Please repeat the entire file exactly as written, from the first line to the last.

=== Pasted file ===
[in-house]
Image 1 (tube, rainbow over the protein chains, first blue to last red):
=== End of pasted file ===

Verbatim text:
[in-house]
Image 1 (tube, rainbow over the protein chains, first blue to last red):